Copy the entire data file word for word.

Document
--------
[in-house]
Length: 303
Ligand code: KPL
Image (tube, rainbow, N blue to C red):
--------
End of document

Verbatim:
[in-house]
Length: 303
Ligand code: KPL
Image (tube, rainbow, N blue to C red):